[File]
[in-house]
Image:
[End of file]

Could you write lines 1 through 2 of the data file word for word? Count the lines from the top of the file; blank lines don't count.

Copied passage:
[in-house]
Image: